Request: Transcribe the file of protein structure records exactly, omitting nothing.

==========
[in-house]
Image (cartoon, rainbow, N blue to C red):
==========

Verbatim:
[in-house]
Image (cartoon, rainbow, N blue to C red):